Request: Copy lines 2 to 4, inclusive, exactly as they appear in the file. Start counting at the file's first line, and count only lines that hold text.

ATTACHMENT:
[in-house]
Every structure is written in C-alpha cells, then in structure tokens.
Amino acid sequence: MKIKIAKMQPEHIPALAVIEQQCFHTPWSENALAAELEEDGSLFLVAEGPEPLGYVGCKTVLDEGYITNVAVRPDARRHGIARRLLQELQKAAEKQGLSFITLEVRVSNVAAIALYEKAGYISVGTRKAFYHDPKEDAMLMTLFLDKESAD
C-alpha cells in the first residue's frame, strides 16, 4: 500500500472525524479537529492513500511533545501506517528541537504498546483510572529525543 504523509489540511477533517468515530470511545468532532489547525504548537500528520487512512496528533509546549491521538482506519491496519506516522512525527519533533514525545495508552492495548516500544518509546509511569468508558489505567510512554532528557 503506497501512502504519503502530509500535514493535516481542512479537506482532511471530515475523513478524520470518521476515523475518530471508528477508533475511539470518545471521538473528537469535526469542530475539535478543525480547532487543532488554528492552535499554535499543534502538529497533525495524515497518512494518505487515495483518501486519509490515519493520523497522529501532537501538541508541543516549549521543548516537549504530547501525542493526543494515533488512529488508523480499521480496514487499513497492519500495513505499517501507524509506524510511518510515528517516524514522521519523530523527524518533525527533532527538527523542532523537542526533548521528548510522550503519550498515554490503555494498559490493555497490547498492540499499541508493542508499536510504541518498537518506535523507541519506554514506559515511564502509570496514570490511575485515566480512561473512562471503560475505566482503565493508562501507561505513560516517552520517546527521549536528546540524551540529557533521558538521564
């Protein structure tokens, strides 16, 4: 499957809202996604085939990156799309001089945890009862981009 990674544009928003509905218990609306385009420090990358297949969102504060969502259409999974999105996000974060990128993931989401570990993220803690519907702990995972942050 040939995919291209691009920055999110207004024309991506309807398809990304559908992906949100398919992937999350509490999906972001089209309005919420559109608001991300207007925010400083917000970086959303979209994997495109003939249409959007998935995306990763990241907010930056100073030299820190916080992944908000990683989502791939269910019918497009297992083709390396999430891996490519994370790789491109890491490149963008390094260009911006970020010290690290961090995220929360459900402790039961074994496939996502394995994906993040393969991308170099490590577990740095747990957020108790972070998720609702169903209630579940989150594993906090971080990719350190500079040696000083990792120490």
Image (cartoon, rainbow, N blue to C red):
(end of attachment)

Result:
Every structure is written in C-alpha cells, then in structure tokens.
Amino acid sequence: MKIKIAKMQPEHIPALAVIEQQCFHTPWSENALAAELEEDGSLFLVAEGPEPLGYVGCKTVLDEGYITNVAVRPDARRHGIARRLLQELQKAAEKQGLSFITLEVRVSNVAAIALYEKAGYISVGTRKAFYHDPKEDAMLMTLFLDKESAD
C-alpha cells in the first residue's frame, strides 16, 4: 500500500472525524479537529492513500511533545501506517528541537504498546483510572529525543 504523509489540511477533517468515530470511545468532532489547525504548537500528520487512512496528533509546549491521538482506519491496519506516522512525527519533533514525545495508552492495548516500544518509546509511569468508558489505567510512554532528557 503506497501512502504519503502530509500535514493535516481542512479537506482532511471530515475523513478524520470518521476515523475518530471508528477508533475511539470518545471521538473528537469535526469542530475539535478543525480547532487543532488554528492552535499554535499543534502538529497533525495524515497518512494518505487515495483518501486519509490515519493520523497522529501532537501538541508541543516549549521543548516537549504530547501525542493526543494515533488512529488508523480499521480496514487499513497492519500495513505499517501507524509506524510511518510515528517516524514522521519523530523527524518533525527533532527538527523542532523537542526533548521528548510522550503519550498515554490503555494498559490493555497490547498492540499499541508493542508499536510504541518498537518506535523507541519506554514506559515511564502509570496514570490511575485515566480512561473512562471503560475505566482503565493508562501507561505513560516517552520517546527521549536528546540524551540529557533521558538521564